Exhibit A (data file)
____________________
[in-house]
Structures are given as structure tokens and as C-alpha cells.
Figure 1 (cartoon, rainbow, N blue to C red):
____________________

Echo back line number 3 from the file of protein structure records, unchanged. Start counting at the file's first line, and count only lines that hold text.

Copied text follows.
Figure 1 (cartoon, rainbow, N blue to C red):